Spy v. t. [imp. & p. p. Spied p. pr. & vb. n. Spying.]
1. To gain sight of; to discover at a distance, or in a state of concealment; to espy; to see.
One, in reading, skipped over all sentences where he spied a note of admiration. --Swift.
2. To discover by close search or examination.
Look about with your eyes; spy what things are to be reformed in the church of England. --Latimer.
3. To explore; to view, inspect, and examine secretly, as a country; -- usually with out.
Moses sent to spy out Jaazer, and they took the villages thereof. --Num. xxi. 32.
Spy, v. i. To search narrowly; to scrutinize.
It is my nature's plague
To spy into abuses. --Shak.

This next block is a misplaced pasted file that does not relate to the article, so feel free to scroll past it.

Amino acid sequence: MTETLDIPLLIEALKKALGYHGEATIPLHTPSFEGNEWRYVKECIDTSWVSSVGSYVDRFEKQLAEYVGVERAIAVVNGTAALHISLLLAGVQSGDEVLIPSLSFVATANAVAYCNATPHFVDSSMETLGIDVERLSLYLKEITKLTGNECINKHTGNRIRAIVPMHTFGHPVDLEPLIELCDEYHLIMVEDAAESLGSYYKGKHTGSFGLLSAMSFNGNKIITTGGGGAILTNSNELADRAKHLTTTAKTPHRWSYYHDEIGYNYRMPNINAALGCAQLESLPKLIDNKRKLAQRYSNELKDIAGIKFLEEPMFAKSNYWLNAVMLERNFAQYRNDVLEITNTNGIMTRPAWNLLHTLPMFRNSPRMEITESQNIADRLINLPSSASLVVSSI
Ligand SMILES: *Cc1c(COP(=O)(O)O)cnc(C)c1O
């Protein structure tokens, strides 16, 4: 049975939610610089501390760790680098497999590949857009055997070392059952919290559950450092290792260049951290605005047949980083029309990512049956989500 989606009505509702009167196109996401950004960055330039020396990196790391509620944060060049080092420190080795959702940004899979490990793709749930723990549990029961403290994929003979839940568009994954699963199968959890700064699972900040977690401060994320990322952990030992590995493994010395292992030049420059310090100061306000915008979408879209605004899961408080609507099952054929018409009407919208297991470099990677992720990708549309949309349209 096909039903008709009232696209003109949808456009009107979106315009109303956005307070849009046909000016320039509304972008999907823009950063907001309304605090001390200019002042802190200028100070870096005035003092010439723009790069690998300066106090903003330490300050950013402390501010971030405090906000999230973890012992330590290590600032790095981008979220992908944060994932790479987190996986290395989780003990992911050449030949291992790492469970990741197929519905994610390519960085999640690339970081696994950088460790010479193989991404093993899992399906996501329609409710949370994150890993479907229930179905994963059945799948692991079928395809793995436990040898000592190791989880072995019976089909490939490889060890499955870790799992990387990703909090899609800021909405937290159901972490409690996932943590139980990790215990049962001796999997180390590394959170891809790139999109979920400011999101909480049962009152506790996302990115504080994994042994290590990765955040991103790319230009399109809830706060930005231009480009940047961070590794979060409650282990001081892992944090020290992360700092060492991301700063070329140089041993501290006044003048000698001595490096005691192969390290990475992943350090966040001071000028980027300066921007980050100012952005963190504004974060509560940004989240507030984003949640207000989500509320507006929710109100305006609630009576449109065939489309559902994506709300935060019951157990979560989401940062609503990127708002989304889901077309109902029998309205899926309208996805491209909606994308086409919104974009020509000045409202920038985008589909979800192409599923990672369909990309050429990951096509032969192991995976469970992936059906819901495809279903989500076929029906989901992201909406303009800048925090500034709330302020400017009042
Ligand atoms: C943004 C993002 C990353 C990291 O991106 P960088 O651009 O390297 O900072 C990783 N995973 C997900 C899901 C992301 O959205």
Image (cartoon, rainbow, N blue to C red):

Spy, n.; pl. Spies
1. One who keeps a constant watch of the conduct of others. “These wretched spies of wit.”
2. Mil. A person sent secretly into an enemy's camp, territory, or fortifications, to inspect his works, ascertain his strength, movements, or designs, and to communicate such intelligence to the proper officer.
Spy money, money paid to a spy; the reward for private or secret intelligence regarding the enemy.
Spy Wednesday Eccl., the Wednesday immediately preceding the festival of Easter; -- so called in allusion to the betrayal of Christ by Judas Iscariot.
Syn: -- See Emissary, and Scout.
n 1: (military) a secret agent hired by a state to obtain
information about its enemies or by a business to obtain
industrial secrets from competitors [syn: undercover
2: a secret watcher; someone who secretly watches other people;
"my spies tell me that you had a good time last night"
v 1: catch sight of [syn: descry, spot, espy]
2: watch, observe, or inquire secretly [syn: stag, snoop, sleuth]
3: secretly collect sensitive or classified information; engage
in espionage; "spy for the Russians"